Wednesday, March 10, 2010

Granny D.’s life celebrated today in New Hampshire’s Capitol

I consider myself a political junkie only once every four years when the nation’s first primary hits New Hampshire like a whirlwind. I’ve met politicians by accident and by design in coffee shops, fairs, apple orchards, and other everyday places. Londonderry’s Old Home Day, and Derry’s MaryAnn’s Diner seem to be a destination spot for presidential hopefuls. Most of these wanna-bes have gone on to obscurity, but some have become quite memorable characters. A few of these wanna-bes have even become president of the United States!

Surrounding all the hoopla are other characters. Once every four years TV personalities come to New Hampshire, and of course they are reporting the news. Some New Hampshire residents try to take advantage of the media and press crunch to push their own agendas. And residents, like Granny D., have used the press to bring change.

Granny D. was Doris Haddock. She was born in Laconia, New Hampshire on 24 January 1910 and died yesterday, 9 March 2010, just after her 100th birthday. In the years 1999 and 2000 she spent fourteen months walking across the United States advancing her cause of campaign finance reform. In 2004, at age 94, she even ran as a challenger to the incumbent senator Republican Judd Gregg. You can read her obituaries on line, and on Wikipedia and other websites.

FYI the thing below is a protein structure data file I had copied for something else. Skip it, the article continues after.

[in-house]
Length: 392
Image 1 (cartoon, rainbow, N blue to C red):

This morning Governor John Lynch made a statement about Granny D. from the statehouse in Concord, New Hampshire. “Granny D was a true New Hampshire treasure, embodying the spirit that makes this such a great state. Granny D proved to us all that one person really can make a difference. Granny D’s passion and commitment inspired tens of thousands of Americans to get involved and push for change to the campaign finance system.” Republican and Democratic politicians both praised her, including former Governor Sununu and U.S. representative Paul Hodes.

Granny D. not only defied convention by doing all this in her golden years (she was nearly 90 when she began her famous walk) but she is symbolic of the New Hampshire spirit. “Live Free or Die!” And Granny D. certainly tried to live by this motto.

My favorite Granny D. quote: "I want to plant a few more seeds here and there before they plant me."

A collection of NH primary political buttons

For more information on Granny D.,
AKA Ethel Doris (Rollins) Haddock:

Wikipedia Granny D.

BBC story on Granny D.

Foster’s Daily Democrat (a Dover, New Hampshire newspaper) on Granny D.

Copyright 2010, Heather Wilkinson Rojo

1 comment:

  1. Heather, I thought you were writing about the oldest U.S. citizen who died days ago, she was from NH also. Is that your collection of buttons? Pretty impressive if they are.